For seven years, we have watched Goose and Gander nest on their island in the pond, and successfully raise a hatch of five to nine goslings each year. I gained a lot of respect for the Gander when two eagles flew over, and he took to the air to distract them from the nesting goose, flying over the house where he could dive into friendly territory. His duties, in general, consist of patrolling around the island and intercepting threats. She took the physical damage of sitting on the nest for weeks, poor nutrition, and general physical decline accompanying the success of each new hatch. Last fall, as the flock flew away, we wondered if she would make it through the winter.
She isn’t back this Spring. Though it is hard to tell lesser Canada Geese apart by markings, she had recognizable posture after the hard years. Gander is back, and working at teaching the young replacement that he knows the safest, most defensible, absolutely best place for their nest. She is willing to accept his choice of our pond, but continues to look at every possible nesting site. The two Goldeneye ducks that nest alongside the old goose nest watch in puzzlement – life once went predictably, Goose would nest, and they would nest close by, where Gander would control access by water. Now, instead of a responsible goose, ready to start laying eggs and nesting as the last of the ice goes out, the little diving ducks have to wait on the new bride – who seems to be more interested in courtship than the responsible efforts needed for the next generation. Gander, lacking words and language, is more challenged than I have ever seen him.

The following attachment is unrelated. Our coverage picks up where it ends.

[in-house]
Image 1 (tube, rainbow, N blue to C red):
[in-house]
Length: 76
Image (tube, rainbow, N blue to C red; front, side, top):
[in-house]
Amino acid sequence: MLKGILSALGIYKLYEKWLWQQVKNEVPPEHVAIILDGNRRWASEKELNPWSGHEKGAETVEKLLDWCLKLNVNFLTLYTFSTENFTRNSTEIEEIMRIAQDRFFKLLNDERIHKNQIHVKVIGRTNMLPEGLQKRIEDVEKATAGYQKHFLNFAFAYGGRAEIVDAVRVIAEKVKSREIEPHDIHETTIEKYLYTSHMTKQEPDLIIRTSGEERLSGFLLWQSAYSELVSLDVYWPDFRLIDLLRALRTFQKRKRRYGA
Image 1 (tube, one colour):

He came back to the pond, leading all of last year’s hatch – I guess the first tip off that Goose was gone was that this year they haven’t been hanging around. I suspect step-mothers that are your own age are as hard to take for Canada geese as for people. It is going to be interesting to see how much Gander shares of the decision-making process. He demoted Goose from leadership when she led the little flock to an eagle who was making a dinner of a dead muskrat . . . though there is something unusual in seeing Gander get airborne to threaten a grounded eagle as the goslings flee back to the water.
I kind of miss the old goose – but I look forward to watching Gander’s future life.